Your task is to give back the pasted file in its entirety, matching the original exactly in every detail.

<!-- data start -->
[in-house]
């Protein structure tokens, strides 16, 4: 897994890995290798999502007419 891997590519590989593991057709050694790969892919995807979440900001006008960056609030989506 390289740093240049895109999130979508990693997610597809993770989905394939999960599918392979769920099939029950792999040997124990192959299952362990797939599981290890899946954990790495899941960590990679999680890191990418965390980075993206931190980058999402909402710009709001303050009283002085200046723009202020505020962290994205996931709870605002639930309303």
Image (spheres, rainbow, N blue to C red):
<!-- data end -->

[in-house]
């Protein structure tokens, strides 16, 4: 897994890995290798999502007419 891997590519590989593991057709050694790969892919995807979440900001006008960056609030989506 390289740093240049895109999130979508990693997610597809993770989905394939999960599918392979769920099939029950792999040997124990192959299952362990797939599981290890899946954990790495899941960590990679999680890191990418965390980075993206931190980058999402909402710009709001303050009283002085200046723009202020505020962290994205996931709870605002639930309303």
Image (spheres, rainbow, N blue to C red):